Singapore should stop pushing the idea that exams do not matter. It will not change the fact that survival of the fittest is the way our community is structured.
The policymakers of old must have had good reason to implement the current system of streaming in schools.
First, we should ask the question, why grade students?
Grades are but a means for students to measure the quality of their knowledge, as well as for external organisations to deduce students' capabilities.
After all, educational institutions give the most prestigious of awards solely to the cream of the crop. This ensures that opportunities are provided to those who really are suitable.
Although one may argue that character overwrites ability, personality is usually considered only after a basic standard of academic competence has been met.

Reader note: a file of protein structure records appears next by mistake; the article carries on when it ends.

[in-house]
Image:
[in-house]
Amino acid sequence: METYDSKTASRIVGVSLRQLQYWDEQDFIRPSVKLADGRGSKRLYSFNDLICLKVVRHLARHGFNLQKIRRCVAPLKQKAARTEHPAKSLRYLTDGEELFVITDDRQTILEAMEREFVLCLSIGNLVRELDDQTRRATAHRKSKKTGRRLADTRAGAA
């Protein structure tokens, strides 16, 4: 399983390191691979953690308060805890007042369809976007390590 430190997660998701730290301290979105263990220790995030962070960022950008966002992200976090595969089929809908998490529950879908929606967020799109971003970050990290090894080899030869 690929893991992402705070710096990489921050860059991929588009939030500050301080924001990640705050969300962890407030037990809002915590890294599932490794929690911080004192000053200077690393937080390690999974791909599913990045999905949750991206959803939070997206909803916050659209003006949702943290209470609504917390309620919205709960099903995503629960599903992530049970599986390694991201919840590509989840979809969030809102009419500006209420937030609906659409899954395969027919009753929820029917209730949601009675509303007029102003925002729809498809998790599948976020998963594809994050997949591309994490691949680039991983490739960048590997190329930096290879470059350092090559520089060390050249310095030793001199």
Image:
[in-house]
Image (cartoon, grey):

It demonstrates that a student is disciplined and can manage his time well, while also reflecting a vigorous structure of learning.
Nonetheless, bad grades do not necessarily denote failure. Those who fall behind just have to work harder in life to realise their potential.
The academic stream serves as a stepping stone to achieving conventional success. Students can still pursue passions and excel in other domains like sports and the arts.
I concede that scores do not define people, but if not exam results, what should we use to assess students?
Erasing the notion that grades are important is simply impractical.
Yang Yizhen, 16, Secondary 4 Student